May 04, 2016

Perceived credit risk is all about expected losses, while bank capital should be a buffer against unexpected losses.

Sir, John Kay writes that Warren Buffet, “In a revealing moment, when asked about the absence of conventional due diligence in his acquisition process; acknowledged that Berkshire had made bad acquisitions, but never one that could have been avoided by the kind of information that due diligence might have revealed.” “The Buffett model is widely worshipped but little copied” May 4.

Translate the above into bank regulations and it would mean: Banks could always lose but not because of the information a credit analysis might have revealed… much more dangerous than the expected, is the unexpected.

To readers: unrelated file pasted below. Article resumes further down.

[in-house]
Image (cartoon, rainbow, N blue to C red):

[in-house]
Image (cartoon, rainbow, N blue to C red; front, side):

And that Sir is one of the many reasons why I believe current regulators are worse than fools. They defined the capital banks should be required to have, in order to confront unexpected losses, based on expected perceived credit risks. 

Please don’t tell me you think that is smart. In fact, the safer something is perceived, the greater is its potential to deliver huge unexpected losses. In fact, from this perspective, the safer something is perceived, the larger should the capital requirements for a bank be.

By the way let me make it clear that I am arguing this only to make a point, and I am not now suggesting we should distort the allocation of bank credit to the real economy in the other direction, favoring the risky.

Sir, if we are to distort, let us at least, as a minimum minimorum, do so with a purpose. For instance make the capital requirements for banks based on job creation and earth sustainability ratings.

PS. Here are plenty of reasons for why I believe the bank regulators in the Basel Committee are complete idiots… or something worse 

@PerKurowski ©